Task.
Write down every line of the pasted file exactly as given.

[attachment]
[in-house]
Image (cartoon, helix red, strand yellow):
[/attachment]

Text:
[in-house]
Image (cartoon, helix red, strand yellow):